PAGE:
Skokie woman ‘was happy’ days before fatal crash with U.S. Capitol rioter, now charged with her murder

Lauren Wegner, 35, died Nov. 8 after Shane Jason Woods drove his truck opposite traffic downstate on I-55, striking her and another driver, police say.

SHARE Skokie woman ‘was happy’ days before fatal crash with U.S. Capitol rioter, now charged with her murder

Bill and Evelyn Wegner described their daughter Lauren (in photo) as a “ray of sunshine” who could “light up a room walking in.”

Tyler Pasciak LaRiviere/Sun-Time

Lauren Wegner sat down on the couch a few Sundays ago, dressed in a Green Bay Packers jersey, hat and socks, and she told her parents that she was “so happy” she’d come home to Skokie.

The 35-year-old who had once attended Niles West High School and loved animals — and the Packers — told her parents she was in “such a good place right now.” Then, to her father who had urged her to come home from North Carolina, she also said, “Thanks, Dad.”

“Boy, that meant so much to me,” Bill Wegner said Wednesday. “That she was happy.”


Lauren Wegner


A few days later, Lauren Wegner left to visit friends in St. Louis. But her parents, Bill and Evelyn, said they never got the usual text message from their daughter assuring them that she had arrived safely. Instead, they heard from the Illinois State Police, who told them Lauren had been killed in a crash downstate on Interstate 55, which occurred just after 7:30 p.m. on Nov. 8.

Now, a Sangamon County grand jury has charged Shane Jason Woods, 44, of Auburn with Wegner’s first-degree murder. Court records filed by Sangamon County State’s Attorney Dan Wright allege that Woods drove northbound into the southbound lanes of the interstate with the intention of running into a semitruck, and that he made suicidal comments to a police officer.

Bill Wegner described his daughter as “a ray of sunshine” who “could light up a room walking in.” She’s also survived by a brother, Christopher. She played volleyball in high school and more recently worked as a bartender at Morrison Roadhouse in Niles. Her father said he always called her his “bestest gurl.”

In a phone call with the Chicago Sun-Times, Bill Wegner acknowledged that the murder charge filed against Woods “takes a little load off your mind.”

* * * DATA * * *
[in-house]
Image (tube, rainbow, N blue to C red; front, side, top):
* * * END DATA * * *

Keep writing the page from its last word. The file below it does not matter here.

But in the background, Evelyn Wegner could also be heard saying, “We were crying tears of joy.”

The crash that killed Lauren Wegner also seriously injured two others. Afterward, Woods’ blood-alcohol content was measured at 0.177%, or more than twice the legal limit, records show. Woods is also charged with aggravated driving under the influence and aggravated fleeing.

Woods is one of 33 known Illinois residents charged in the Jan. 6, 2021, riot at the U.S. Capitol. He pleaded guilty in September to committing assault on the U.S. Capitol grounds and assaulting and resisting a federal officer. He admitted then that he rammed into an officer who had already been sprayed by a chemical irritant, and that he knocked a cameraman to the ground with a “blindside shoulder-tackle.”

His sentencing in federal court, which had been set for Jan. 13, has now been postponed. Police speculated in one report detailing the I-55 crash that Woods’ sentencing might be “a possible motivation for the suicide attempt.” Prosecutors in Washington, D.C., had not previously tried to keep him behind bars but sought his detention Wednesday.

However, Woods is now in the Sangamon County Jail. He’s been there since Friday, following his release from Memorial Medical Center in Springfield, records show. Though he has been held in lieu of $2 million bail, Wright filed a petition Wednesday to deny him bail completely. The prosecutor said Woods “poses a real and present threat to the physical safety of himself and all persons he may encounter.”

The crash that killed Wegner followed a traffic stop, records show. Divernon Police Chief Jason Martin previously told the Sun-Times that Woods had been pulled over by one of his officers after his truck had been seen speeding north on I-55. Martin said Woods got off the interstate at mile marker 88.

Records made public Wednesday show the Divernon officer smelled alcohol on Woods and that Woods made suicidal comments during the stop.

The officer then returned to his car but soon approached Woods again. That’s when Martin said Woods took off, even though the officer was “pleading with him not to leave the scene.”

Woods allegedly then drove north into the southbound lanes of I-55, crashing into Wegner’s Mercury Sable and a Toyota Corolla driven by a 61-year-old man from Granite City. The Corolla’s passenger was a 54-year-old woman, also from Granite City.

One of those surviving victims suffered a broken spine, brain bleeding and a concussion, according to Woods’ indictment. Another suffered broken bones and severe bruising.

Dwight Crawley, the defense attorney who represents Woods in federal court, would not comment this week and could not be reached Wednesday.

Bill Wegner said his daughter declined to join her parents for a recent trip to Kenosha, telling them she’d join them next time. Then, when it came time to visit her friends in St. Louis, he said he urged her to make the drive the next morning, tempting her with a trip to Maggiano’s Little Italy and a movie. She promised they’d do it when she came back, he said.

“So I gave her a hug,” Bill Wegner said. “Gave her a smooch. Told her I loved her, and I waved goodbye to her.

“And that was the last time I saw her.”

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